Sometime earlier I mentioned something about capturing his pieces faster than he can capture ours. IMO it's a sound principle (though I don't recall reading it in any chess book -- perhaps because I have more strategy books than tactics books!), and 32 Nxe6+ is more consistent with that than 32 Nb5.

Also as mentioned before, I think it's less likely that after 32 Nxe6+ there's some unpleasant surprise waiting for us than after 32 Nb5. It took me a while (too long IMO) to notice the strength of 32 ... Be5 after I started analyzing 32 Nb5, and I consider that a caution signal.

And though 32 Nb5 does attack the B/c3, it removes an attacker from the B/c8. Spending a precious tempo merely to switch targeted bishops doesn't seem like the best idea unless there's a really good reason. Our N/d6 is strong where it is, and it's already attacking a bishop (one that won't move!).

Now, I _do_ think that eliminating Black's black-squared bishop (in preference to the light-squared one) is a good idea ... but the dark-squared B won't be staying where we attack it. Since Nxe6+ happens [I]also[/I] to deter the most troublesome move (... Bd4+) of the dark-squared B, in addition to the primary reason we've been considering Nxe6+, I'm now in favor or doing that.

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Old 2014-06-16, 22:27   #6
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As I looked closer at Nb5 it feel it leaves Black with to much wiggle room in the form of number of pieces on the board. Prefer Nxe6+ forcing Kd7 followed with Nxc8.
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Old 2014-06-17, 10:16   #7
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Yeah, we have more grip on the position in that line.

"Grip" like ... winning by force, I now think. (But I've been wrong about that before.)

- - -

[B]32 Nxe6+ Kd7 33 Nxc8[/B] Black's a piece down, so here has only two viable options -- 33 ... Kxe6 or 33 ... Nxc8. Since he can't do Bd4+ until after he's eliminated our N/e6, I'd bet that's (33 ... Kxe6) what they do.

If [B]33 ... Kxe6[/B] Now if we can pin the N/e7 to Black's king, we can win -- by eliminating the a5-pawn. That requires persuading Black to move his king to f7.

If [B]34 Bh3+[/B] gives our king another flight square in case of future check from Bd4+ or Bc5+, and reduces the number of squares from which the Black king can defend the N/e7.
If [B]34 ... Kf6 35 Rb6+ Kf7[/B] (or else loses the N/e7) [B]36 Rb7[/B]. Now the N/e7 is both pinned and double-attacked. To keep it, Black must use his B.
[B]36 ... Bb4 (or Bf7) 37 Nxe7 Bxe7[/B]. Now that we've pulled the B off a5-defending duty,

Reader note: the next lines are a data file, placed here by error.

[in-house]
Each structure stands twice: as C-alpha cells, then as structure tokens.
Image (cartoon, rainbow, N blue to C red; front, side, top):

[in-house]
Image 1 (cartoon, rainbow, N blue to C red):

[B]38 Ra7[/B] threatens 39 Rxa5. Black can protect with his N.
[B]38 ... Nc4[/B] (not ... Nb3 39 Rxb3). (Now, if only we could play Bd5+, that'd be the game.)
[B]39 Bf1[/B] threatens Bxc4, finally enabling Rxa5. Black could try to distract us with 39 ... Nd2 or ... Ne3, but we can ignore those long enough to nab the a-pawn. Black can not stop us.
If [B]39 ... N-move 40 Rxa5[/B] and we have a win.
If [B]39 ... not N-move 40 Bxc4[/B] and we have a win.

If [B]34 ... Kf7[/B] will be the same as after [B]34 ... Kf6[/B] except that we establish the pin one move earlier: [B]35 Rb7[/B]. Win.

- -

If [B]33 ... Nxc8[/B], With our N/c8 gone, we can't win immediately by force as shown above for 33 ... Kxe6. We could try eliminating Black's a-pawn, but so far I haven't found a way to get around Black's defense there.

[B]34 Nf8+[/B]
If [B]34 ... Kd8 35 Bh3[/B] wins the N/c8.
If [B]34 ... Kc7 35 Rb7+ and 36 Nxg6 and ?????[/B]. We use our rook both to deter Nb6 (attacking our a-pawn) and to keep Black's king away from (whichever edge of the board we want to keep it away from). We eliminate Black's king-side pawns (while preventing Black's a-pawn from advancing), so that our connected g-h passers become decisive. Probable win, though direct path is not yet clear.
If [B]34 ... K-other 35 Rxc8[/B] wins.

- - -

Vote:

32 Nxe6+ -- 5

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Old 2014-06-17, 16:22   #8
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[QUOTE=cheesehead;376012]<snip>
[B]36 ... Bb4 (or Bf7) 37 Nxe7 Bxe7[/B]. Now that we've pulled the B off a5-defending duty,
[B]38 Ra7[/B] threatens 39 Rxa5. Black can protect with his N.
[B]38 ... Nc4[/B][/QUOTE][strike](not ... Nb3 39 Rxb3)[/strike] Oops. R is not on b-file anymore, so ... Nb3 is also possible.

Revision: